- Pointing - Draws my attention to whatever she is sharing with me.
- Nodding - Tells me I am getting what she is seeing.
- Shaking her head - Tells me I am on the wrong track in what she is seeing.
Before our walk to a nearby playground, I told Pamela we were going to do a project about house colors in our neighborhood. I needed help figuring out what colors to use. Then, she told me a bunch of colors, and I typed them into a spreadsheet. I printed out the tally sheet, and we left.
At each house, I stopped and looked down at my feet as if I had shut down. It took a bit for Pamela to realize she had to activate me. She poked me! Then, I looked at her face, waiting for her to take action. Again, it took a bit for her to realize she had to point to draw my attention to the house she was describing. Then, I overemphasized turning and looking at the house, and I turned back to her to tell her a color. Sometimes, I would say the right color so she could nod her head. Sometimes, I would say the wrong color so she could shake her head. Then, I recorded the data. Occasionally, I looked at a building, like a church, library, or office. I left it for her to decide whether or not to count them in our study--she shook her head.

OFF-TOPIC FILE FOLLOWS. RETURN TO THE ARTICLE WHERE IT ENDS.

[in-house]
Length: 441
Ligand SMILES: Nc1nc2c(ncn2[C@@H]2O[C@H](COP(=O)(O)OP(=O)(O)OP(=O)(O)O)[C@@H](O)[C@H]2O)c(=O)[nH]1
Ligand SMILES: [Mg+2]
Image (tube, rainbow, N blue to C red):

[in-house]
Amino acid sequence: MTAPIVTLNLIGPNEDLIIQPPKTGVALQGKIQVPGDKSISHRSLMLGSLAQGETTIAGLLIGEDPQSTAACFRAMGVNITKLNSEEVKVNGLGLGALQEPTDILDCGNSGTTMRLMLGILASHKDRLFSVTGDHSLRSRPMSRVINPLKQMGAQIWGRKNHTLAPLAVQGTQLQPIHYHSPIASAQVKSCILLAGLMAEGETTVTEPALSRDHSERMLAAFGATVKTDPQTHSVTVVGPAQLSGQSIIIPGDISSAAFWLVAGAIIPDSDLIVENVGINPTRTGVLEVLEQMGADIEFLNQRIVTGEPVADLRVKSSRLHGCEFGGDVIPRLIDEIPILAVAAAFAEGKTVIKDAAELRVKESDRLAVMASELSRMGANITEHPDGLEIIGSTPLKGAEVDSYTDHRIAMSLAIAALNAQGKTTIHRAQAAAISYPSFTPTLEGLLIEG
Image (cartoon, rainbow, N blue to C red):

That activity could become very static, so, on the way home, we expanded it dynamically. I heard a siren and exclaimed, "An airplane!" I looked at Pamela, and she shook her head. I went through several guesses before I got it right. I waited to see if she would direct my attention to something; if not, I would point out something else, either correctly or incorrectly, so she could give her observation by nods or head shakes.
Because RDI is about lifestyle and not activities, I am finding ways to incorporate it into our daily life. For example, she can get my attention in several ways: shoulder-touch, poke, move in front of me, etc. During the day, I found times to "shut down" so she would have to do something active to "reboot" me.
The language is not the only component of our plan to put Pamela in the driver's seat. Some of Pamela's passive nature might be due to sensory under-responsivity, which I will address tomorrow. By the way, the math lesson I wrote based on our walk is pictured below!